The low estimated total mileage for the hybrid also hurt. The estimate for total miles over the lifetime of the Insight, for example, was 109,000 miles (175,419 kilometers) -- comparable to other hybrids [source: CNW]. As a result, heavy energy inputs frontloaded into the early life of the car isn't divvied out in a hybrid as it is in the H3, for example, which is expected to get 207,000 miles (333,134 km).

The study also considered the lower lifespan of the hybrids. While parts and mechanics needed to repair standard engines are abundant and relatively cheap, this wasn't the case with hybrid technology in 2005. The authors likened the lifespan of hybrids to those of cheap desktop printers: It makes more sense to simply throw away an old printer and replace it with a new one, since the cost of repair would be as much or more than the cost of replacing it. In CNW's estimation, landfills were piling up with both printers and hybrid car parts -- which could spell disaster for an eco-friendly product like a hybrid.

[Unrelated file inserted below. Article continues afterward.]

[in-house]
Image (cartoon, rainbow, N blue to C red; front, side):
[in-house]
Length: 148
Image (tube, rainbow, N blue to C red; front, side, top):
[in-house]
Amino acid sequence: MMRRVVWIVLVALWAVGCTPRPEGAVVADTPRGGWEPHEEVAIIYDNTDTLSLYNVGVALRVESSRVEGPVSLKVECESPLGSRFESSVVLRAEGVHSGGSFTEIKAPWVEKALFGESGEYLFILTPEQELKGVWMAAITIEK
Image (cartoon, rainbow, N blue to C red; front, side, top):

Innovations in Hybrid Manufacturing

The nickel used to make this battery pack awaiting installation in a Mercury Mariner hybrid was an issue in the CNW study.
The nickel used to make this battery pack awaiting installation in a Mercury Mariner hybrid was an issue in the CNW study.
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When the CNW study debuted, a number of prominent scientists came out against it. Some took issue with the expected lifetime miles of the hybrids cited in the study. The Prius was rated at 109,000 miles (175,419 km), while the industry expectation is around 179,000 miles (288,073 km) [source: Koerner]. Others pointed out that the environmental devastation caused by nickel mining (used in hybrid batteries and a point of concern in the CNW study) referred to a now-resolved blight from 30 years before [source: Sierra Club]. The press attention that the study received still led many to wonder just how green these hybrids were. Could they do more harm than good for the environment?